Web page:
Navajo Coal Plant 062507-1 DSC_0046 processed tall BWAnd they also say that Elvis is not dead. But alas… the answer is no, we are not saved. Things are actually getting worse because of the so-called “flattening emissions.” This needs to be said over and over: the only way to treat the vast amount of long-lived warming pollutants already emitted into our sky is to remove them.

This panacea over “flattening emissions” is all because of fracking. We are replacing coal with natural gas which produces more energy per unit of global warming gases than coal. It “appears” that emissions are flattening, but should we be measuring our climate heatlh through the emissions of a single warming gas? No absolutely not. thjisis a multifaceted global science project that demands a deeper evaluation.

Measuring climate pollution progress twenty-five years ago via CO2 emissions was appropriate; 1) because it was feasible back then to maintain a healthy climate through emissions reductions alone and 2) we didn’t have a clue about global cooling pollutants and their mechanisms.

Global energy intensity per person continues to climb and more bad news is that the rate that models use is only about half of actual. Which wouldn’t be so bad because coal is being replaced by natural gas at a significant rate–allowing this apparent flattening trend.

Complicating the US picture, the US trend is masked by offshoring. About 10 percent of US emissions for goods and services consumed in the US were emitted in other countries, and not required to be reported in US emissions.

Most troubling however is the fracking naturalĀ gas phenomenon. For every unit of coal energy produced, 57 percent of the warming created by that coal is masked by global cooling sulfates emitted alongside of coal’s warming pollutants. Stop burning coal and that masked warming is unmasked.

Because the global cooling pollutants are short lived (sulfates–smog), in the time frame that these pollutants exert an influence on net warming (20 to 50 years), whenever we stop burning coal, as counter intuitive as is sounds, we experience about 14 percent more warming than if we did nothing.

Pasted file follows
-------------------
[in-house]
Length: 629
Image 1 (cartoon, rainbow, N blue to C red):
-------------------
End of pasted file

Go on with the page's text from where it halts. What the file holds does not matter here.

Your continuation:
So replacing coal with natural gas, while a good thing in the greater than 50-year time frame, is a bad thing in shorter term time frames. Because natural gas emits more cooling pollutants than solar or wind, converting to alternatives likewise results in even more warming than switching to natural gas–in the short-term climate time frame.

This illustrates the need for atmospheric capture of CO2. Nothing we can do reduces warming in the most important short-term time frames, except lower the concentration of warming pollutants already in our atmosphere.

We have a lot of work yet to do. The director of NOAA’s Oceans program last week warned of 10 feet of sea level rise by 2050 because of collapse of the West Antarctic Ice Sheet. Why so much? We’ve known about these dynamical collapses for twenty years but the consensus position–that policy is based upon–only validates climate science that can be recreated through modeling. Ice sheet collapse modeling is still in its infant stages. That we have not based more policy on evidence is one of the reasons why I am where I am with environmental leadership today.

At a place called Xcaret on the Yucatan, there is evidence of a 6 to 10 foot of sea level jump in what the authors say was 100 years. But their findings showed the jump took place on one to two lifespans of elkhorn coral, which is 10 to 24 years. The author ignored the specifics of my question when posed to him and restated his findings of 100 years. To illustrate the importance of 6 to 10 feet in 10 to 25 years, the Larsen B ice shelf collapsed in 40 days in 2002.